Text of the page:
E-ISSN 2149-2530
Original Article
Carbon Monoxide in the Expired Air and Urinary Cotinine Levels of e-Cigarette Users
1 Department of Public Health, Hacettepe University School of Medicine, Ankara, Turkey  
2 Department of Pharmaceutical Toxicology, Hacettepe University Faculty of Pharmacy, Ankara, Turkey  
3 Department of Preventive Oncology, Hacettepe University Cancer Institute, Ankara, Turkey  
Turk Thorac J 2019; 20: 125-129
DOI: 10.5152/TurkThoracJ.2018.18110
Key Words: Carbon monoxide, electronic cigarette, urinary cotinine

OBJECTIVES: The aim of this descriptive study was to determine the sociodemographic characteristics of electronic (e)-cigarette users for clarifying the causes of e-cigarette smoking and to identify the carbon monoxide (CO) and urinary cotinine levels of the volunteers.


MATERIALS AND METHODS: Twenty volunteers who smoked e-cigarettes completed a questionnaire, and their exhaled CO and urinary cotinine levels were measured. An enzyme-linked immunosorbent assay kit was used for cotinine analysis.


RESULTS: Overall, 85% of the participants were males, 60% were married, and 75% were college/university graduates. The median age of participants was 38.5 years. The participants' main reasons for starting to smoke were peer influence and curiosity. The participants’ main reasons for smoking e-cigarettes were to quit and reduce smoking the conventional cigarettes and cost effectiveness. Only three people knew that smoking was harmful to health. The participants' CO levels were measured as a median of 3, lowest of 1, and highest of 22. Cotinine levels were “positive” in all samples. A moderate and statistically significant correlation was found between the amount of fluids used by the participants in 1 day (mL) and cotinine levels in urine specimens (Pearson correlation test, r=0.511, p=0.025).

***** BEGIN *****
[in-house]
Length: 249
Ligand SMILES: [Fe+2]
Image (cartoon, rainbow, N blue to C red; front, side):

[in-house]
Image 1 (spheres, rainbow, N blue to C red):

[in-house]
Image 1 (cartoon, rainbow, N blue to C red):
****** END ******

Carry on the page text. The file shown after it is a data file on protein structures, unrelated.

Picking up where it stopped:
CONCLUSION: The study is an important proof of the country's scientific work on e-cigarettes. Preventive strategies should be very strictly implemented for any tobacco products, including e-cigarettes, as they harm individuals and the community.


Cite this article as: Aslan D, Gürbay A, Hayran M, et al. Carbon Monoxide in the Expired Air and Urinary Cotinine Levels of e-Cigarette Users. Turk Thorac J 2019; 20(2): 125-9.

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